Preparation for an Interview

Job Seeker Menu:

Don’t forget to Prep before your interview


  • Double check the exact location and also the exact time of the interview. Make sure you know exactly who the interviewer is (this should all be provided by the recruiter). Research this person (through Linkedin, their company website or Google) – also have their contact information in hand in case you are running late and need to reach out directly.
  • Plan what you will wear (usually a suit or similar business attire) and arrange to be especially well groomed. People rely heavily on first impressions.
  • Check out the company’s website and read up on the current press releases.


  • What is the size of this company?
  • Where exactly do they have offices (nationally and internationally)?
  • What type of products/services/solutions do they sell?
  • Who are the company’s customers?
  • If you know anyone who is at the company or associated with anyone at the company – reach out to them and find out if you can get a sense of the company culture or any insight that might help you in your interview.


  • Why this role is of interest and the reason for a move
  • The kind of position in which you excel
  • Your employment history
  • Reasons behind your career moves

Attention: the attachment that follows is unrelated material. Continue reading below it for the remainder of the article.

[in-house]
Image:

• Your qualifications (education, experience)
  • Your strengths and weaknesses
  • Your career achievements
  • Your knowledge of their company and the reason why you are interested in them
  • WHY you are a good fit
  • The career path with this company and your aspirations
  • Your compensation history

Preplan the questions that you would like to ask. An interview is a two-way street. The employer wants to validate your qualifications and determine how well you fit the company’s culture. In turn, you want to find out whether this job will help you achieve your personal and career goals. If you ask good questions, clients notice!

(if you don’t already know the answers from the recruiter)

  1. Why is the position available?
  2. What is expected in the first 3/6 months?
  3. What is the company’s on boarding process and training?
  4. What are the attributes of your top employees? What makes someone successful at your company?
  5. What are the company’s goals for the next few years?
  6. What is the company’s timeline for making a hiring decision?

After the interview – if you are keen on pursuing – send an email or follow up note to the person who interviewed you, thanking them for their time and assuring them that you are keen to hear about next steps.

If your interview was arranged through a recruiter – call that person to discuss your thoughts re the interview.


  • A potential employer typically takes 45 to 60 minutes to conduct a job interview. That means you have less than one hour to explain your entire career highlights. What you do and say in this short time period could have an important impact on your career. Be clear and concise while answering questions.
  • Remember that you were invited to this interview because someone in the company thought you were qualified to do the job. The employer now wants to find out more about you: your skills, intelligence, attitudes, stability, motivation and maturity. This is your opportunity to sell yourself.
  • Interviewers today are very sophisticated and are looking for long-term hires, so overall culture fit is key (but this is a two way street).

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